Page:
Workington bin chaos to worsen

Council-owned Allerdale Waste Services will not be able to bring in agency staff to break strikes after High Court ban

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Council-owned Allerdale Waste Services will not be able to bring in agency staff to cover striking bin workers after August 10.

The impact from all-out strikes by workers employed by Allerdale Waste Services, which is 100 per cent owned by Cumberland council, is set to worsen after a High Court ruling banning agency staff.

Following the government’s decision to reverse the ban on employers hiring agency staff during strike action in July 2022, a group of trade unions, including Unite, challenged the decision through a judicial review coordinated by the TUC.

The High Court last week upheld the unions’ judicial review. The 2022 amendment to the regulations has now been quashed due to the government’s complete failure to consult prior to implementing their proposals, as required by legislation.

Employers will be barred from recruiting agency staff to undermine legal strike action from Wednesday 10 August.

Unite general secretary Sharon Graham said, “This is a total vindication for unions and workers. The government’s decision to allow employers to recruit agency staff to undermine legal strike action was a cynical move to back their friends in business and weaken workers’ legal rights to withdraw their labour.

“It was entirely counterproductive as, rather than weaken industrial action, it has hardened attitudes and unnecessarily extended strikes,” she added. “The dispute with Allerdale Waste Services and Cumberland council is a perfect example of that. The only way this dispute will be resolved is with an acceptable offer from the company.”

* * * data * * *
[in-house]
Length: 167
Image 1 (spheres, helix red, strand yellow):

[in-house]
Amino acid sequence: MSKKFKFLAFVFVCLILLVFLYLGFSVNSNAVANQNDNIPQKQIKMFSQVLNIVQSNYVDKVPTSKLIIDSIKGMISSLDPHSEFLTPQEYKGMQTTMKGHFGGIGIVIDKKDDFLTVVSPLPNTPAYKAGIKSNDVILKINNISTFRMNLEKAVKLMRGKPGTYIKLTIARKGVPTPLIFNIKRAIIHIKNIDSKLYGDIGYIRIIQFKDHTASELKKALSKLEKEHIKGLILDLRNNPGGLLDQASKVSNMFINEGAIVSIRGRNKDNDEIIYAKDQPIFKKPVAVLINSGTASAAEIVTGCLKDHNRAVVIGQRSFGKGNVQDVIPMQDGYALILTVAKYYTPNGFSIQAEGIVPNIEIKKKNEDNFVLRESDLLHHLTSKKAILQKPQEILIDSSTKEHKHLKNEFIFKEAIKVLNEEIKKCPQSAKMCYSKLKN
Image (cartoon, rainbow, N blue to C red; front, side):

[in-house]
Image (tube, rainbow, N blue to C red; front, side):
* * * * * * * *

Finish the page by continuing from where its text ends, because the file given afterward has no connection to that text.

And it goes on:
The workers have been on all-out strike since May 16 in a dispute over pay.

The workers’ pay rates are among the lowest in the entire country. The loaders are paid just £10.90 an hour, while the drivers, who are required to hold an HGV licence, are only paid £11.89 an hour.

Tensions in the dispute have further increased as the agency staff brought in to undermine the strike are earning £14 an hour, well in excess of the rates for the permanent staff.

Fresh talks between Unite and Cumberland council yesterday collapsed.

Unite regional officer Ryan Armstrong said, “It is disgraceful enough that a Labour council has taken advantage of Conservative-legislation that has now been struck down by the High Court to try and break a strike. But to make matters worse the council is deliberately escalating the dispute and prolonging the disruption to its constituents by negotiating in bad faith.

“Unite attended talks yesterday after being informed that the council would be putting forward an improved pay offer,” he added. “This turned out to be completely false – no new offer was put forward that would have increased our members’ wages. The council needs to understand that our members’ resolve is as solid as a rock. Without a proper offer by 10 August the impact of the strikes will become much worse and the council will have to answer to the public for that.”

By Ryan Fletcher